The challenge is to make it a place that teens want to be so that we can educate and challenge their faith in a way that encourages spiritual growth. This is why I spend so much time writing about knowing what's going on in the hearts and minds of kids. It helps us know how to equip and encourage them in the faith. 

So, what's most important to teens?  The answer is much simpler than it is to make it happen. At that time of life everything is about belonging. Beginning in about 5th-6th grade kids develop a strong inner drive to belong to a group. They've got hormones raging around inside them pushing them, they're brain is heavier on emotion than reason, and how they see themselves is highly dependent on how their peers see them. Girls are looking for a best friend or a few best friends, and guys are looking for their "squad." A teenager's life is all about social connections, being with friends, and "hanging out." Given the chance they would not go to school. Not one of them gets up every morning excited to go to school and learn Algebra 2 or Biology, even though they may enjoy those classes. They get up excited to see their friends and hear the latest social information. They are social creatures. It's their basic need and it's a challenge to have an effect on someone whose basic needs aren't met. 

A teenagers basic need is belonging. They will choose the group that accepts them no matter what the values of that group are, so, one of my primary purposes is to provide that group where they can feel safe, valued, wanted, and connected; with Jesus at the center. What does this mean? It means that your goals and their goals are different, and that's okay.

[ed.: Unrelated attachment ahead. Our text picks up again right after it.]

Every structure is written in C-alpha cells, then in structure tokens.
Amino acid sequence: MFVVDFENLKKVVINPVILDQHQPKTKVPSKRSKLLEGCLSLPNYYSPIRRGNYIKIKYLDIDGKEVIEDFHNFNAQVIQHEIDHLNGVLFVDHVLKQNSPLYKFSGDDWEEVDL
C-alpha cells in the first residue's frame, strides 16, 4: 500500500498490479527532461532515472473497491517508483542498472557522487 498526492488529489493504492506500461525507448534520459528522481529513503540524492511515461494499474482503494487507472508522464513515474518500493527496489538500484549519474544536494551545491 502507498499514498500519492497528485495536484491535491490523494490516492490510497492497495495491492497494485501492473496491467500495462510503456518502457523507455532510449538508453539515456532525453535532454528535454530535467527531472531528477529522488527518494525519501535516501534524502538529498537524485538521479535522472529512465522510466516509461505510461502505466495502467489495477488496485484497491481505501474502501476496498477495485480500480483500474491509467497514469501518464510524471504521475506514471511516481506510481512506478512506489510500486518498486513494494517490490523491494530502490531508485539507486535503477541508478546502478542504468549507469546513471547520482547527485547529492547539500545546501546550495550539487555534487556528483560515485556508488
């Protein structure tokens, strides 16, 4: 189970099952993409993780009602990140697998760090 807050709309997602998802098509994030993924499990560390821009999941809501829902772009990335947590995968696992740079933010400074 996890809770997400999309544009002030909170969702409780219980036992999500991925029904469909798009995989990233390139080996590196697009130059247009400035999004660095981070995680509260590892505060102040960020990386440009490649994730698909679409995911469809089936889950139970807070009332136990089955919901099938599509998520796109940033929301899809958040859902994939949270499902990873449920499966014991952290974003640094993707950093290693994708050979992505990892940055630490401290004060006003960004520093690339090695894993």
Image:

Knowing that teenagers' goals are social and focus on belonging (and knowing that an adult is not the best answer to that), we understand and work with it. Some people think that youth group should be fun over everything in order to keep them coming, but coming for what? This is not a social club. It's an intentional social club with the intent of Bible education and faith growth. In spite of what they want, we have a much broader and more important goal; looking toward their eternal life and not just this one. When they leave your church to go out into the big mean world, as Christians we want them to be confident in their faith because the world will eat away at any faith they have.  

Honestly, ALL people want to feel they belong somewhere to a degree, but in the teen years it's very strong. So, what happens after high school? They continue to look for that group, but they're out in the world now. EVERY church near a college or university should keep that in mind. Create a ministry to connect your high school graduates to a Christian group if they leave town. That's why we need a men's ministry, a women's group, and opportunities for children and families to be encouraged and stay connected in the faith. Everyone wants to feel like they belong somewhere. Everyone needs to have someone they feel safe talking to about life issues. Everyone needs friends and it's hard to hug a computer. 

For more about teaching the faith to teens in a way that touches on their social needs, see The Art of Teaching the Faith

Wednesday, January 12, 2022

EDUCATION: Bible News is now available!

My congregation had the wonderful opportunity to read the Bible in chronological order this past year and many succeeded. In order to make things less confusing for them I created the BIBLE NEWS for all 66 books. There is so much information that we don't have when we start reading the Bible; especially the Old Testament. There are all kinds of commonly used terms that we aren't familiar with, ancient Hebrew poetry (what's up with that?), themes that span the whole Bible that we should be looking for, common misconceptions, and situations with the prophets that we don't know. This information definitely deepens our understanding as we read. Researching and writing them was a great blessing to me and I hope they are to all who use them as well. Interested?

Friday, January 7, 2022

PODCAST: 3rd Graders - Ready? Set? Teach the Faith!

 Introducing BIBLE INQUIRY!! If you know a parent or teacher who wants to know how to effectively teach the faith to 3rd graders? Here you go! Episode 9 of To Cause to Learn: Effective Teaching in the Church.